This story was updated at 7:25 a.m. EST.
Lawmakers return to Capitol Hill this week with a fresh plan to avert a partial shutdown but with little time to spare before the first of two funding deadlines.
After securing a long-sought agreement on spending levels Sunday afternoon, House and Senate leaders have fewer than 10 legislative days to finalize and vote on the first four appropriations bills, and both sides remain far apart of how to proceed.
Efforts to hammer out an agreement on border policies will also dominate the coming days. A breakthrough in those talks could ease the path for those first spending bills and unlock more than $150 billion in supplemental funding for national security measures, disaster relief, energy programs and other purposes.
Congress’ ability to pass the first tranche of fiscal 2024 bills before Jan. 19 will also hinge on whether leaders can avoid partisan fighting over controversial policy riders that already wreaked havoc on the appropriations process last fall. That appears unlikely to happen.
“We now have a framework agreement to allow us to finally begin the hard work of negotiating — and passing — full-year spending bills,” Senate Appropriations Chair Patty Murray (D-Wash.) said in a statement Sunday.
“We cannot afford to delay further, so I will be working with my colleagues around the clock in the coming days to prevent a needless shutdown and pass bipartisan spending bills free of partisan poison pills that protect key investments and help meet the challenges our constituents are facing,” Murray said.
House Speaker Mike Johnson (R-La.) has other ideas. Not only are riders still on the table, but House GOP leaders plan to fight for spending adjustments within the bills.
In a letter to colleagues — looking to sway far-right members already questioning the deal — Johnson said the agreement will allow lawmakers to “reprioritize funding within the topline towards conservative objectives” and fight for “important policy riders.”
Sunday’s deal matches the levels laid out in the debt ceiling agreement that President Joe Biden and former Speaker Kevin McCarthy (R-Calif.) struck last spring.
The accord limits the House Republicans’ ability to use spending bills to slash federal energy and climate programs as they attempted to do in the fall, representing a major victory for the Biden administration’s environmental agenda.
In all, the $1.59 trillion agreement allows for $886 billion in defense spending and $773 billion in nondefense spending, including about $69 billion in nondefense funds that were agreed to alongside the debt deal, the Fiscal Responsibility Act.
Republicans were able to secure about $16 billion in cuts to pandemic programs and the Internal Revenue Service as part of the agreement.
Despite the bipartisan nature of the compromise, the possibility of a partial shutdown — or a yearlong funding stopgap that would trigger across-the-board cuts — remains in play.
A top White House official said Friday she was worried about the possibility of a funding lapse, saying Washington faced a “daunting task” in the days ahead.
“I wouldn’t say ‘pessimistic,’ but I’m not optimistic,” Shalanda Young, director of the Office of Management and Budget, said in comments at a breakfast hosted by the Christian Science Monitor, pointing to Republican demands about the border. “The rhetoric this week has concerned me that [a shutdown] is the path that House Republicans are headed down.”
Indeed, members of the conservative House Freedom Caucus said last week they are willing to shut down the government if there is no border deal in the coming days, though it remains unclear whether they would have the votes to block spending bills.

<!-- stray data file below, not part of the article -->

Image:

If lawmakers are unable pass fiscal 2024 bills by the deadlines laid out in the current funding stopgap — Jan. 19 for a handful of agencies and Feb. 2 for the rest — they could be forced to approve a new funding extension, called a continuing resolution. Doing so would trigger automatic cuts to defense and nondefense spending, per last spring’s debt ceiling agreement.
House and Senate leaders will also need to chart a path forward on other legislative priorities that fell by the wayside late last year.
Near the top of the to-do list is a long-term reauthorization for the Federal Aviation Administration.
Congress left Washington in December having passed a short-term extension until March 8 in hopes of buying more time for the Senate to produce a counterpart to the FAA reauthorization bill that already passed the House. Both bills contain language on climate resilience and aviation fuel.
Congress will also have to approve an extension of the National Flood Insurance Program, which expires Feb. 2, and may finally consider bipartisan rail safety reforms.
Fight for riders, cuts
Lawmakers are expected to focus their attention on the four spending bills whose agencies would lose funding after Jan. 19: Agriculture-Rural Development, Energy-Water, Military Construction-Veterans Affairs as well as Transportation-Housing and Urban Development.
For Biden and congressional Democrats, Sunday’s spending deal marked a win in their efforts to keep spending steady and guard against cuts to federal programs — including energy and climate programs — that Republicans sought to defund last year.
Democrats celebrated the top-line agreement for its omission of the kinds of steep cuts that Johnson had been demanding alongside the most conservative members of his conference.
In passing seven partisan spending bills last fall — including Energy-Water — House Republicans approved billions of dollars in clawbacks from Democrats’ climate law, as well as reductions to Biden’s civilian climate corps, major clean energy and energy efficiency programs and the salaries of key officials at EPA, the Department of Energy and the Department of the Interior.
Senate Majority Leader Chuck Schumer (D-N.Y.) said Sunday’s spending agreement will “allow us to keep the investments for hardworking American families [that were] secured by the legislative achievements of President Biden and Congressional Democrats.”
Biden said the agreement “rejects deep cuts to programs hardworking families count on, and provides a path to passing full-year funding bills that deliver for the American people and are free of any extreme policies.”